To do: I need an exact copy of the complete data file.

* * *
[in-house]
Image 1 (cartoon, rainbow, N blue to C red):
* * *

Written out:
[in-house]
Image 1 (cartoon, rainbow, N blue to C red):